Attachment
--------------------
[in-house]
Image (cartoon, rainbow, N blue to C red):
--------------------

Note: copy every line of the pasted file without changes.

[in-house]
Image (cartoon, rainbow, N blue to C red):